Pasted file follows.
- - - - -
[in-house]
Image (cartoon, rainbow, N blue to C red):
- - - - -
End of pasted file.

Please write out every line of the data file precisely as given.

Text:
[in-house]
Image (cartoon, rainbow, N blue to C red):